Bryan Rasmussen was born in Chicago (IL) in 1976. He studied sculpture and photography at the University of West Georgia where he obtained a BFA in 2005. He now lives and creates his art in Chattanooga (TN) where he has worked as a studio assistant to John Henry. Bryan actively participates in solo and group exhibitions both nationally and internationally. He has artwork in public and private collections throughout the US. In his work Rasmussen explores themes of movement, tension and contrast. His art is inspired by things he finds in the natural world such as seed pods from plants that have burst or even animal bone joints.
Le Chant des Baleines, 2014
Peter Lundberg received a Bachelor’s degree in both art and mathematics from Skidmore College and a M.F.A. from Bennington College (1985). He has established sculpture parks in Connecticut, Sweden and Berlin. During the past several years, in addition to participating in group and solo exhibitions, his works have been presented in the United States, in Germany, Sweden, and the Czech Republic.
Cosmic Dancer, 2014
Terrence Karpowicz was born in 1948 in Cleveland (OH) and received a BFA from Albion College (MI) in 1970. After his graduate studies Karpowicz was awarded a Fulbright-Hayes Fellowship to the United Kingdom, serving as Scholar to the Wind and Watermill Section of the Society for the Protection of Ancient Buildings. He has exhibited throughout the United States, Mexico, Europe and in Russia. Karpowicz has received seven commissions for public sculptures from the State of Illinois and his work is found in collections belonging to the City of Chicago, Oklahoma City, and the U.S. General Services Administration.
Reine du Fleuve, 2014
Doug Schatz has an undergraduate degree in art and geology from Skidmore College and he received an MFA in sculpture from the University of Kentucky in 1999. Schatz has taught at Middle Tennessee State University and Watkins College of Art and Design, he currently teaches at the State University of New York in Potsdam. He is on the Board of Trustees for the International Sculpture Center, publishers of Sculpture Magazine and Sculpture.org. His sculptures are exhibited nationally and internationally.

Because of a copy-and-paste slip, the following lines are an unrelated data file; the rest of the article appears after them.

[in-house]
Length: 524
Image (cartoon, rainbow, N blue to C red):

Born in Halifax, 1984, Christopher Boyne earned a Bachelor’s degree in visual arts from Ryerson University in Toronto and a master’s degree in visual arts practice from Concordia University in Montreal. Zéphyr celebrates Charlevoix’s maritime history and traditions. The work is made up of three separate objects: a single blade from a ship’s propeller, an angled bollard (a thick post on the deck of a ship to which a line can be secured) and a glass Fresnel lens light beacon. Though abstracted by their orientation and presentation, the three ‘ready-made’ minimalist sculptures are easily recognized as maritime forms.
Porter la nature, 2016
Jean Brillant is a Québécois sculpture born in Rimouski, 1959. He has been creating outdoor sculptures since 1994. Many of his works belong to public as well as to private collections. He believes that sculpture can play a role in our relationship to nature and so can music. In each case, the possibilities are rich and sometimes surprising. “At Domaine Forget, I can’t help but consider music as an element of nature just like stone, vegetation, a small animal…they are one and the same. I feel strongly that this is the best possible tribute”.
Jean-Pierre Raynaud was a horticulturalist before becoming a multidisciplinary artist. His works have been exhibited for almost sixty years; he gained international recognition early in his career.
The public knows his work through his use of black and white ceramic tiles and black joints. One such work was given to Quebec City by Jacques Chirac in 1987. Erected on the Place de Paris, it was called ‘’Dialogue avec l’histoire’’. The work was destroyed rather violently but has since been rebuilt as a monumental sculpture renamed ‘’Autoportrait’’ and now sits in the park de l’Amérique Française.